A female talk show host in Cairo stirs up political controversy when she focuses her on-air discussions on the topic of women's issues.
ARAB FILM FESTIVAL: When this tense, intense and very moving Egyptian drama from director Yousry Nasrallah bowed at the Venice film festival last year portions of the Middle Eastern media ganged up on it. That isn’t surprising, since its plot can be read as nothing less than an essay on the way Egyptian women cannot escape a society that, the film argues, is deeply and dangerously misogynistic. In the film’s intricate and complex narrative, the subordination of women is central to a corrupt society across every level of human experience. Here, marriages are nothing less than scams to make money; media’s role is to support the status quo and let the powerful rule without question. Women, it seems, are there merely to support their man.
Still, read in terms of a pure melodrama the movie is wrenching. The film presents four characters that are determined and independent; they are non-conformists by virtue of the fact that they cling to their romantic desire for something true and deep in a relationship with a man, a union they wish had personal meaning beyond the set standards of culture and religion. But Nasrallah and screenwriter Waheed Hamed don’t provide happy reconciliations and mutually nourishing relationships for their hero-women; here, passionate romantic desire in its purest form leads to madness, murder, public scandal and betrayal.
Central to the action is glamorous muck-raking TV journalist, Hebba (Mona Zakki, a major Middle Eastern star) who runs a chat show that attacks government and corporate chicanery. This puts pressure on her editor husband Karim (Hassan El Raddad) who is seeking promotion in a state-run media outlet. When he suggests that she ought to pursue 'personal interest women’s stories’ it becomes apparent to all that the personal is political.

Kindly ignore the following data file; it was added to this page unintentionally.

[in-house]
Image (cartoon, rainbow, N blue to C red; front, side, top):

The film then dives into the lives of three women, each a guest on Hebba’s show. We see, in flashback, their often terrible and tragic stories.
There is middle-aged Amany (Sawsan Badr), who is, still in her mid-50s, a virgin. She turned down a marriage proposal with a wealthy politician because she did not love him and has ended up institutionalised. Safaa (Rihab El Gamal) is a murderer. Coming from a lower class family of shopkeepers, she has two sisters, and though they inherit their father’s business, it means little. Seen as 'plain,’ the three sisters don’t feel they are strong prospects for marriage and will end marrying men too old or too interested in their money to be ultimately satisfying. Said (Mohamend Ramadan) is the virile 'shop help’; the three sisters decide that one of them ought to marry him but when Safaa discovers that Said has been exploiting their vulnerability by sleeping with all three sisters, she is enraged.
Then there is the story of 'conservative’ Naheed (Sanaa Akroud). A wealthy dentist from a 'well-bred’ family who values such rituals as a betrothal ceremony, she wishes to hold onto her virginity until after the marriage is formalised. But her suitor, Adham (Mahmoud Hemeida), a well-placed economics analyst who advises the government, is a louse. All he wants is her money and her body, and after he gets both he dumps her and when she protests, he shames her.
Since Nasrallah adopts a rather glossy, heightened visual style and the film’s melodramatic plotting provides constant surprises, his film has been compared to mid-career Almodovar, but that’s an allusion, and a bit misleading. The tone in Scheherazade is harsher, more intense; the mood, much more downbeat. Still, each of the vignettes dealing with the three women have their own distinct feel and tone; Amany’s is dialogue driven social comedy; Saffaa’s has an almost documentary attention to detail in the rituals of day to day life; and Nahed’s story seems a deliberate parody of romantic fiction (her courtship starts off with her cleaning the teeth of her romantic prospect and continues to scenes of horse riding and ends up in a well-appointed, but antiseptic, hotel room for a tryst!)
This is a tough film and a brutal one (there is a very explicit depiction of an abortion – very bloody and graphic). Yet, the film has a fine irony that’s quite liberating. In the end, Hebba, the 'powerful’ media agent, comes to see the corrupt forces in her own choices.
Incidentally the title derives from the fictional storyteller, Scheherazade, of One Thousand and One Nights.